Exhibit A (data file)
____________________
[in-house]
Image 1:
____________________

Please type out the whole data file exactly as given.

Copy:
[in-house]
Image 1: